This is a printer friendly version of the article. To print, please use your browser Print function.


May 12, 2014

Community Development Financial Institutions Improve Financial Stability
    by Robert Kropp

The annual report on the state of the CDFI industry by the National Community Investment Fund anticipates an evolution that will improve revenues and fulfill mission of community development.

SocialFunds.com -- The annual report issued by the National Community Investment Fund (NCIF) is admirably metrics-driven, and its year-to-year data on the financial performance of community financial development institutions (CDFIs) illustrates just how devastating the financial crisis was to the industry.

That said, “Data from the past five years show that the institutions in the CDFI Banking industry have been slowly recovering and growing,” according to the report. “Among those institutions that were certified through both 2012 and 2013, average assets per bank rose from $309.3 million to $325.3 million; average loans, average deposits, and average equity also rose.”

Total assets for all CDFI banks fell to $23.2 billion, however, as the number of such institutions declined from 88 to 75. Last year, the CDFI Fund undertook a recertification program for CDFIs; “This project will set a clean baseline for the number and types of certified CDFIs operating in the country, maintaining the integrity of what it means to be a CDFI,” CDFI Fund Director Donna Gambrell stated, “organizations continuously dedicated to serving their target markets of low-income communities and populations.”

“Many of those institutions, including ten CDFI Banks, declined to reapply for certification, recognizing that their business models had changed over the years and they no longer felt they met the criteria,” the NCIF report said. On the other hand, “CDFI Bank failures, high during the past five years, have all but disappeared.”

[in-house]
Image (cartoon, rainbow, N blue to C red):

The steady improvement in the finances of CDFIs is good news, of course, for the fulfilling of their mission: to provide critically important financial services in communities underserved by mainstream commercial banks. And the NCIF report confirms that the services provided are indeed in robust condition.

Three out of every four CDFI bank branches are located in low and moderate income communities, the report found, nearly twice that of mainstream banks of similar size. “CDFI Banks’ mission to serve their communities requires a strong local presence in the areas of highest need,” the report states. “These banks become part of the neighborhood, recognizing the potential of local small business owners and providing residents with sustainable alternatives to predatory payday lenders and check cashers.”

Additionally, more than half of the home lending provided by CDFI banks occurs in low and moderate income communities, more than two and a half times that of peer banks. “Lending in economically distressed areas can be difficult, because borrowers tend to be less savvy about finances and face depressed economic conditions,” according to the report. “CDFI Banks fulfill their community development mission by dedicating the extra time and resources needed to tailor services for their 'high-touch' clients.”

© SRI World Group, Inc. All Rights Reserved.

Order reprints | Print it | Save it

Related Articles

Top


Home | Individual Investors | Institutional Investors | Financial Professionals | Media Center
Do your own Research | Work with a Professional | News | Learning Center
home | about | search | register | login | contact

© 1998-2017 SRI World Group, Inc. All Rights Reserved.
Terms of Use
| Privacy Statement| Reprint Policy | OneReportTM Network

Do your own research Work with an advisor SRI News SRI Learning Center Home